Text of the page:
Joya: AiR / Peter Ranyard / Australia
“I have always been drawn to the constructed object, particularly those abandoned. The fragile nature of made objects is a constant reminder of our impermanence and that sometimes their beauty is a result of neglect and the patina that is acquired through the process of decay. I tried, through my time at Joya: Air, to explore these ideas. The story of Simon and Donna’s efforts in creating Joya: Air is immensely interesting, as is the history of the area. Coming from Australia, I am used to dry, difficult environments: it took me a few days to settle into a rhythm and begin to really look at what was available photographically. Each day bought a better appreciation of the landscape, the history, and the markers of the place. As we realise how finite our world is, there is a desire to protect what is left of our natural and urban worlds, and indeed to take steps to not only protect but to enshrine them in our collected conscience. Population increases, modernisation, changing diets and war all place immense pressure on our ability to manage our urban and natural landscapes.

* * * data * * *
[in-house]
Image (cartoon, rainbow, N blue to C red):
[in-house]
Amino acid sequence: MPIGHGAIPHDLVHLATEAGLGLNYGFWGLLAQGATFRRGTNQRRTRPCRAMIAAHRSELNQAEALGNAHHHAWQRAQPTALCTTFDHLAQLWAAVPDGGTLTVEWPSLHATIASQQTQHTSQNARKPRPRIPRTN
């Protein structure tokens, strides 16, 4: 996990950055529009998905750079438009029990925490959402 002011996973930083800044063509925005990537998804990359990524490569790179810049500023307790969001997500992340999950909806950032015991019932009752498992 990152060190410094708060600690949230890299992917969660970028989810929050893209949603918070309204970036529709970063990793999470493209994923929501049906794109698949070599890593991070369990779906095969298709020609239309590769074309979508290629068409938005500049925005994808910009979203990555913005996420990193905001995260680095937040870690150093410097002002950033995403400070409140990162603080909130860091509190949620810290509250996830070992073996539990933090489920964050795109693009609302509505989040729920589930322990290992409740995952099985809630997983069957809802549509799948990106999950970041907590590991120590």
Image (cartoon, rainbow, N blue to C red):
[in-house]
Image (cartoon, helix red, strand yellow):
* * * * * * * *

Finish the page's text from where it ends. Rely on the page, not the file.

Susan Sontag wrote of our diminishing touch with our past and that our objects should “have a patina, old furniture, grandparents’ pots and pans–the used things, warm with generations of human touch, ...essential to a human landscape. Instead, we have our paper phantoms, transistorised landscapes. A featherweight portable museum.”
I thoroughly enjoyed my time at Joya: Air, living for a short time, in an ecologically sustainable environment, and spending time with a diverse group of talented, engaging artists.